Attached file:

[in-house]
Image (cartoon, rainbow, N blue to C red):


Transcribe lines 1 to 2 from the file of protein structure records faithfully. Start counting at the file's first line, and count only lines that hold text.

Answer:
[in-house]
Image (cartoon, rainbow, N blue to C red):